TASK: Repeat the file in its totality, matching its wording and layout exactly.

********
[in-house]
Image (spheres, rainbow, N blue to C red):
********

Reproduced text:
[in-house]
Image (spheres, rainbow, N blue to C red):